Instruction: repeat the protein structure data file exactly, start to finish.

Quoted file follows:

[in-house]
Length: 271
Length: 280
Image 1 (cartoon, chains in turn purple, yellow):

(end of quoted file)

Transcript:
[in-house]
Length: 271
Length: 280
Image 1 (cartoon, chains in turn purple, yellow):